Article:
By allowing ads to appear on this site, you support the local businesses who, in turn, support great journalism.
When a family member rejects your religion
In this edition of LIFEadvice, Coach Kim gives additional tips on overcoming fear of failure and loss when your loved ones believe differently. - photo by Kim Giles

Our daughter recently told us that she no longer believes in God and hasn't for a long time. This came as devastating news to us. Although we were aware that she hadn't been attending church, we thought she was still a believer. I have read your article on When your child rejects your religion every day since and it has been helpful, but I am still finding myself having moments of great sadness, anger, and even panic. Your advice makes sense in my head but my heart is broken. I would like to understand how she came to this conclusion but don't want to put her on the defensive. The result is, I don't contact her as much, because I'm concerned my emotions will spill out. I am praying for her many times a day, as well as for the rest of our family. Any additional advice would be appreciated.


If you are still experiencing sadness, anger and panic, are pulling back and even struggling to spend time with your daughter you are still coming from fear, not love. I understand why this situation is triggering this fear of loss and failure in you. I really do, but those emotions aren't doing you or your child any good and they may make the situation worse.

In the other article on this I explained why unconditional love is the answer when a loved one rejects your religion. The problem is that as long as you are entrenched in fear, you arent capable of love.

If you cant change your perspective and get out of fear, your child is going to see you and your religion as unloving. It isn't and you know that you're scared because you love her so much, but your fear energy could make her pull even farther away. You cannot let your fear be bigger than your love.

You have to get you more fully in trust about this situation (and out of fear) so you are capable of showing up with real love, peace and acceptance towards your daughter. I encourage you to read and practice trusting the following idea every day for a while:

I am not a failure and neither is my loved one. We are here on this planet to experience all kinds of interesting and painful experiences so we can learn and grow, but at no time is our value on the line because life is a classroom, not a test. This means our value is infinite and absolute. It cannot change no matter what we do. None of us have anything to fear. My loved one may sign themselves up for some interesting lessons here, ones I would rather not have them learn. That is not about me. They are choosing their journey and they will find their way through it and in the end it will be OK. I trust their value and mine is secure and that this is the perfect classroom journey for both of us. I choose to trust God, there is nothing to fear, and every experience here is a lesson. I choose to let God's love fill me up every day so I can share his unconditional love with others. I choose to shine with pure love every day. I have the power to do this because there is nothing to fear.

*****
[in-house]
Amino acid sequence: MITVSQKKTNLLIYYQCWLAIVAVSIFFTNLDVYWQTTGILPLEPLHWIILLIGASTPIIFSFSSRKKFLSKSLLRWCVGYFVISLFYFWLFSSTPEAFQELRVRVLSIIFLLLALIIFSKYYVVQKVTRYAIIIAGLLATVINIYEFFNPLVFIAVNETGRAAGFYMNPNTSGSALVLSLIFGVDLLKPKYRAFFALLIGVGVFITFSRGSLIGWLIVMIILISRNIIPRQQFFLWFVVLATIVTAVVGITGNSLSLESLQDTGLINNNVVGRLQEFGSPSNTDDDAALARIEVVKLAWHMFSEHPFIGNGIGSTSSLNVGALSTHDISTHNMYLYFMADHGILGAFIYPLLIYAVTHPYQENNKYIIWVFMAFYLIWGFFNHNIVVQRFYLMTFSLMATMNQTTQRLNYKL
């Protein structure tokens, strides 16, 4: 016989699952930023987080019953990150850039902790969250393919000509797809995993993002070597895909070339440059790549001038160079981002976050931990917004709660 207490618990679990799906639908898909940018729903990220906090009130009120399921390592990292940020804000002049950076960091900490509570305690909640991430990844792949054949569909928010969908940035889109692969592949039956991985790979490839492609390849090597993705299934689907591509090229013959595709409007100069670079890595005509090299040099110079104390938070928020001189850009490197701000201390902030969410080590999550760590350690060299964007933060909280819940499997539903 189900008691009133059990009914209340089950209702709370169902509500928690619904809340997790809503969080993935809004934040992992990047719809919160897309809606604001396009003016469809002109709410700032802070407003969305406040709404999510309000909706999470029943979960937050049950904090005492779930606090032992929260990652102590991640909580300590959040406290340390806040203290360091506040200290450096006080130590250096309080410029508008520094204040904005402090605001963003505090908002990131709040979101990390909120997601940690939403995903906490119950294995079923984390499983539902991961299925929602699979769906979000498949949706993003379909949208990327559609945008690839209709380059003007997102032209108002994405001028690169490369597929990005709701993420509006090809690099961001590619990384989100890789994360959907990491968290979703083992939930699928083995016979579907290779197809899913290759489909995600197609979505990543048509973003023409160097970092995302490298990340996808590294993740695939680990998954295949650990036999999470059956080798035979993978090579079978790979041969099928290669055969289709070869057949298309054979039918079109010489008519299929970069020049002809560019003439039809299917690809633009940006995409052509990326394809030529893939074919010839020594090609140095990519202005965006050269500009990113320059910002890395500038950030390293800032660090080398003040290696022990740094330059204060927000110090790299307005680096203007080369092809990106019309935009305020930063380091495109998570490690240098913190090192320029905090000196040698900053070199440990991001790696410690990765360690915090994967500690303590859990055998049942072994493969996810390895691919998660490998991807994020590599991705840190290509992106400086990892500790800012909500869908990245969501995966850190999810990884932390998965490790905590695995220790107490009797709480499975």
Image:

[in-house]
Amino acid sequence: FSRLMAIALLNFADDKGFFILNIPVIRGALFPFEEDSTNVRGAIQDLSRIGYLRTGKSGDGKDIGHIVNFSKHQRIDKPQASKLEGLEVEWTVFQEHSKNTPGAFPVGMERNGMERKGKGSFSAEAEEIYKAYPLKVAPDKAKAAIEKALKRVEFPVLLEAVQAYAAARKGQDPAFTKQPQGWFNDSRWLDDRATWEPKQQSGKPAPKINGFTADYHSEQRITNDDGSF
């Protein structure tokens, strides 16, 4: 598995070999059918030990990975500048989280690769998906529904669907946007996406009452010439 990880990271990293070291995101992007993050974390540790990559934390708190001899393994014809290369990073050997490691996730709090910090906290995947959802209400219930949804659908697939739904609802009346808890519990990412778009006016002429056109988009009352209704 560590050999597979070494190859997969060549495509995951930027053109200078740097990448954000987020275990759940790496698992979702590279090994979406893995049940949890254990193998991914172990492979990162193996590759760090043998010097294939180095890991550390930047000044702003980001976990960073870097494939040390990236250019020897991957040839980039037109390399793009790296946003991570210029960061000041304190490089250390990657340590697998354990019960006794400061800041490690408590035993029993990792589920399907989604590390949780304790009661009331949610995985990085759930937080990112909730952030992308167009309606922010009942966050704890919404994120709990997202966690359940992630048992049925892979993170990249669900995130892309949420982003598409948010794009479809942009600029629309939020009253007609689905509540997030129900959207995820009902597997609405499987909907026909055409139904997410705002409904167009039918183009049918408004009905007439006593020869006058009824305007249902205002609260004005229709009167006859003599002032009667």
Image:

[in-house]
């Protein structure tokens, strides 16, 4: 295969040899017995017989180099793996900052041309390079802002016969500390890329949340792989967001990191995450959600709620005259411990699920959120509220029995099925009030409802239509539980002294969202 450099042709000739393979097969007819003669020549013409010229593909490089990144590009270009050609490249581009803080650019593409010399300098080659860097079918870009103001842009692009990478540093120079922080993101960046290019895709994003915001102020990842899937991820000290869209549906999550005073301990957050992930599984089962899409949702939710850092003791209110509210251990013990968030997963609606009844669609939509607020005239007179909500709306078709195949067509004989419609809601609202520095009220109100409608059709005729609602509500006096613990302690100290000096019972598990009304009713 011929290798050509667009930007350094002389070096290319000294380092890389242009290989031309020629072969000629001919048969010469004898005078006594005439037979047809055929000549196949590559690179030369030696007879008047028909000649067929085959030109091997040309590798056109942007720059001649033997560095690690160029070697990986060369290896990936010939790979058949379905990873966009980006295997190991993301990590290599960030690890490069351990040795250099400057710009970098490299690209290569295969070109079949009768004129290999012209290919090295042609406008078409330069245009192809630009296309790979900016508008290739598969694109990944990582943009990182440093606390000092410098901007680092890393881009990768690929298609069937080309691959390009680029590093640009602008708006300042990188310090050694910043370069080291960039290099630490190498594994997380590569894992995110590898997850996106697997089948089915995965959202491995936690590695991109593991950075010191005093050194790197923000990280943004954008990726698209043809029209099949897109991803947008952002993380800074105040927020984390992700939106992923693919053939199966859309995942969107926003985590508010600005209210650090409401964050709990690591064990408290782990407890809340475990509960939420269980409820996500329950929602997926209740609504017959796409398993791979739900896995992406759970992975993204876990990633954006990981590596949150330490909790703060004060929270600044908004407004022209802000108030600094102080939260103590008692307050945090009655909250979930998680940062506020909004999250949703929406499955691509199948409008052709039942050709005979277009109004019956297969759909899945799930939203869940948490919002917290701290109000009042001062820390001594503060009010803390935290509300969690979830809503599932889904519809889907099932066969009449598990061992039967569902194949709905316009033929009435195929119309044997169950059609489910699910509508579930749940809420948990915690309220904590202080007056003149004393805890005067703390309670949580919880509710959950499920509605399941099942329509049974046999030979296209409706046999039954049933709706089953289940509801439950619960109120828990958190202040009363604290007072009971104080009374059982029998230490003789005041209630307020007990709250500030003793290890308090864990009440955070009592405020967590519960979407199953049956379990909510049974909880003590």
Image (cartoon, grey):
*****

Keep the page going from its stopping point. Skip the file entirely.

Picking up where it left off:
(If you want to understand more about why life is a classroom not a test, read this article from December.)

Trusting these truths will show your loved one that your religion and your God are based in love. The God you believe in provided a way for all to return safely. He loves us all. Being fearless about this will show her that your faith in Gods goodness, your love for her and your strength are all bigger than your fear. This will earn her respect for you and make her see your religious beliefs as beautiful and inviting. Love is much more attractive than fear.

I also have a worksheet for frustrated parents on my website that might also help you with this situation. I encourage you to get it. It will ask you to identify your fear issues (that are really behind you being so upset about your child). You had fear issues about failure or loss (before this) and this situation with your child has just triggered them. This situation is therefore as much your lesson as it is hers. This is your chance to learn how to overcome fear and become stronger, more faithful and more loving.

So, instead of trying to fix your child, work on you. Trust God more and choose to act from love and fully accept her as she is, even being proud of her and never say anything negative, critical or guilt-producing. You can do this. You are a child of God (a being who is the essence of perfect love). You have the love inside you to overcome fear.

The worksheet will also ask What does your child need right now? The answer is your strength, faith, acceptance and love. She needs you to be strong enough to set your needs aside. (Your needs for her to fulfill your wishes, expectations and believe what you believe.) She needs to know you can let go of your needs and show up for her.

Spend time with her and (the entire time) keep choosing to trust there is nothing to fear. Spend every minute you have with her building her up. Look for the highest and best qualities in her, and tell her what you see. Focus on her goodness as a person and let her know you are proud of her. This is putting love first.

You can do this.

Dont speak to me about your religion; first show it to me in how you treat other people. Don't tell me how much you love your God; show me in how much you love all His children. Don't preach to me your passion for your faith; teach me through your compassion for your neighbors. In the end, I'm not as interested in what you have to tell or sell or preach or teach, as I am in how you choose to live and give." Cory Booker